Put him on the first line, put him on the fourth line, it really doesn’t matter. Matty P will produce points and make his linemates look so much better (a statement especially true when put on a line with Andrew Copp and Matt Hendricks) Perreault’s versatility makes him super valuable and makes it super tempting for Paul Maurice to keep him on the fourth line to balance out the Jets lineup. Fine for games in mid-Janurary Paul, but come playoff time, he better be kept in the top six group.

Bryan Little: D

Not exactly what any of us – especially Bryan himself – probably expected when he signed his contract extension at the start of the season. He’s remained in the top six group almost by default thanks to injuries and a hope that things will start clicking for him on the ice yet again, but it just hasn’t happened yet. One slight cause for hop though is his shooting percentage which is a career low 11.1 percent. Perhaps he’s due for a few more of his shots to find the back of the net.

Joel Armia: C+

Has been a nice complement to Adam Lowry and the third line and every so often can bust out a fantastic hustle play. Has a very unique ability to create offense on the penalty kill, but advanced numbers would suggest he also gives up a lot of scoring chances – more so than most other Jet forwards – when on the ice in a penalty kill situation. Has played on a line mostly asked to keep things locked down defensively which has hindered his numbers a bit.

Adam Lowry: A-

Speaking of hindered numbers, Adam Lowry hasn’t provided the offense he may have last season, partly due to reduced power play time but mostly because he’s sneakily turned into the Jets best defensive forward. He hasn’t always drawn against opposing team’s top forwards exclusively, but it hasn’t been unusual to see Lowry’s line being given a shutdown assignment for the night against a team’s second forward line. He won’t be given Selke trophy consideration, but his underlying numbers suggest maybe he should.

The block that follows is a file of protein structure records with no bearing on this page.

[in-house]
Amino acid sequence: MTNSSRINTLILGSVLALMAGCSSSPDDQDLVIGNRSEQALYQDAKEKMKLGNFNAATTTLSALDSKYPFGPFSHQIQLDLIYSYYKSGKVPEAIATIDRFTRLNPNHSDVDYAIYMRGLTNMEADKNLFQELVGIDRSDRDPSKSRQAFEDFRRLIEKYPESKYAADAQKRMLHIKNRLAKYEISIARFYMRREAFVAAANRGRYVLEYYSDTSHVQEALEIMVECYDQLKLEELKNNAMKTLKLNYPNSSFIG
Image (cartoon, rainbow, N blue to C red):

Andrew Copp: B-

Copp is starting to turn into Perreault-lite in that he’s a versatile forward who has been shuffled around between the third and fourth lines, had different teammates from one night to the next and just continues to play a steady, strong game on the defensive side of things while still able to chip in a bit of offense.

Matt Hendricks: C

At the absolute very least, he’s been a big upgrade over the likes of a Chris Thorburn and lest you think “veteran intangibles” isn’t a thing, try watching the Jets bench when he has scored this season and tell me he isn’t one of the most beloved guys within that dressing room. As mentioned before, he does deserve some credit for the Jets succss this season, just maybe perhaps not as much as the media would like to give him. He’s been a very nice surprise, but it’s also not a mystery why there are rumors swirling that the Jets are looking to add forward depth for a playoff run. Hendricks can continue to be a great veteran leader even if his ice time is reduced down the stretch.

Brandon Tanev: C+

A whirling dervish of a hockey player, rarely do you see him not hustle his tail off in any given shift, but that hustle comes lacking hockey smarts at times which will put him out of position for a play or a bad mistake. That part of him has gotten better as the season has gone along though and it’s unfortunate his injury has hindered him even more. Quite honestly though, the thought of his energy and hustle on the ice come playoff time with an improved ability to make decisions on the ice is an exciting thing to think about if you’re a Jets fan.

Shawn Matthias: D

If a few of his scoring chances early on in the season had gotten past the goalie or found the back of the net, perhaps it’s a different story, but overall his lack of ability to finish plays and score keeps him at a D grade.